Home | Volume 19 | Article number 366

Original article

Multicystic tuberculosis pericarditis

Multicystic tuberculosis pericarditis


Hanane Hadj kacem1,&, Zakaria Bazid2


1Radiology Department, CHU Mohamed VI, Medical School of Oujda, University Mohamed I, Oujda, Morocco, 2Cardiology Department, CHU Mohamed VI, Medical School of Oujda, University Mohamed I, Oujda, Morocco



&Corresponding author
Hanane Hadj Kacem, Department of Radiology, CHU Mohamed VI, University Mohamed I, Oujda, Morroco



Image in medicine

This case concerns a 43 year-old woman followed for rheumatic mitral-aortic and tricuspid polyvalvulopathy, for which she underwents a double mitral-aortic replacement with mechanical prosthesis and tricuspid annuloplasty in June 2009. She was also treated for cervical ganglion tuberculosis in 2011. The history of her illness had started three months earlier with the appearance of signs of right cardiac failure. Transthoracic echocardiography showed good functioning of the mitral and aortic prostheses, as well as of the tricuspid ring, and good ventricular systolic function, with a thick pericardium full of cysts, associated with signs of adiastole (A). A thoracic CT-scan showed abundant septated pericardial effusion, mullticystic, but without involvement of the pulmonary or ganglion parenchymas (B). An additional MRI was performed, revealing a view of pericardial constriction with numerous pericardial cysts, with intermediate signal intensity on T2-weighted black blood spin-echo images, high signal intensity on T2-weighted STIR sequences, with thickening of the pericardial layers (C), (D). A pericardial biopsy was carried out, which found a granulomatous inflammatory reaction with positive finding for BK virus. After 9 months of anti-bacillary treatment, the patient underwent partial pericardial decortication, in view of the multiple adhesions, associated with the establishment of a pleuro-pericardial window. Anatomopathological analysis of the pericardial fluid as well as of fragments of the pericardium collected, confirmed the diagnosis of a tuberculous pericarditis. The evolution was marked by a clear clinical improvement with disappearance of signs of cardiac failure, and with a weight gain of 16 Kg in 4 months. Postoperative ETT monitoring at 2 months, 4 months and 6 months showed complete disappearance of both the cystic pericardial effusion and the signs of a diastole.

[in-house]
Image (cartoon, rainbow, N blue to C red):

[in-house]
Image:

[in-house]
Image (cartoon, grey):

Figure 1: (A) axial Transthoracic echocardiography, Multiples cysts of pericardium, associated with signs of adiastole; (B) Axial contrast-enhanced CT scan of cheest. Abundant septated pericardial effusion, mullticystic extending into the mediastinum; (C) Heart MRI, T2-weighted black blood spin-echo images Pericardial constriction with numerous pericardial cysts, with intermediate signal intensity; (D) Heart MRI. T2-weighted STIR sequences Pericardial cysts, with high signal intensity